Tory leader Michael Howard accused the prime minister and his government of letting the country down and resorting to higher taxes to solve its problems.
Mr Howard says Labour is 'running out of steam'
He said the reaction to the Queen's Speech would be "one of disappointment" and claimed New Labour had wasted the last six-and-a-half years.
His party backed proposed measures on child protection and domestic violence.
But he said Mr Blair and the home secretary should be "ashamed" of provisions in their latest Asylum Bill.
'Not a lot' achieved
In his first response to a Queen's Speech as Tory leader, Mr Howard said: "They have run out of ideas, they have run out of money and they are running out of time."
He conceded that his party would study the draft Disabilities Bill and supported "the principle" of a Civil Contingencies Bill, following recent terrorist attacks in Turkey and other places.
"But while we welcome some of the individual proposals in the Gracious Speech, the overall reaction to it, even, I suspect, on the benches opposite, will be one of disappointment," he said.
The government was elected with "great promise", with a "sweeping mandate", had "the world at its feet" and "a vast parliamentary army ready to carry forward whatever measures it proposed".
Mr Howard prompted laughter when he quipped: "And what has happened? In the words of Paul Daniels: 'Not a lot'."
The Tory leader turned on the government over its latest asylum bill, which he claimed had "gone further than any civilised government should go".
He accused ministers of proposing to "use the children of asylum seekers as pawns to cover up their failure to get a grip on their asylum chaos".
"Children of asylum seekers are to be taken into care in order to force their parents to leave the country," he said.
"You and the home secretary should be ashamed of yourselves," he said to Mr Blair.
"We shall oppose any legislative provision that seeks to give effect to this despicable provision.
"And I have no doubt that when we do, we shall be joined in the lobbies by many MPs on the government benches, who unlike you and the home secretary, still retain their self respect."
Mr Howard drew merriment with his attacks on the prime minister and particularly over his dealings with Chancellor Gordon Brown.
He said the current state of the pair's current relationship "makes you wonder who is the leader and who's being led.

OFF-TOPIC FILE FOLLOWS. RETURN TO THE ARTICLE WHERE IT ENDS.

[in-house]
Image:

"Real prime ministers lead their chancellors, you follow yours," he told Mr Blair.
"You may strut your stuff on the world stage, but when it comes to domestic policy, never in recent history has a prime minister been so weak, so feeble, so utterly unable to do what he wants - and all this with a huge majority in this House.
"How utterly humiliating for you, and how very damaging for our country - outmanoeuvred by a politically obsessed chancellor."
'Absence of reform'
Mr Howard said the government's plans for pensions would "do nothing to tackle the main causes of the pensions crisis".
And he questioned what had happened to Labour's manifesto pledge in 2001 not to introduced university top-up fees.
In the "absence of real reform" of public services, the government's only answer was "higher tax".
"When that fails, it can only turn to higher taxes still," he said. "They approach every problem with an open wallet and an empty mind. They are taxing and spending and failing."
He said Labour had "promised far too much and has delivered far too little" - it was now "incompetent" and knew it had failed.
Back to Mr Blair, he stressed: "After six-and-a-half years, you have lost your grip and your government has lost its way. You are running out of steam and you know it."
'Unequal to the task'
Mr Howard asked why time was being "wasted" on a draft Single Currency (Referendums) Bill when "no-one believes the government will call a euro referendum".
He continued: "We need better schools, but this government gives us top-up fees. We need safer streets, but this government just abolishes the lord chancellor. We need improved hospitals, but this government gives us legislation on the euro."
"You and your government are simply unequal to the task," he told Mr Blair.
He said the next government that boosts the economy, implements serious reform of public services and gives real power to people will be a Conservative one.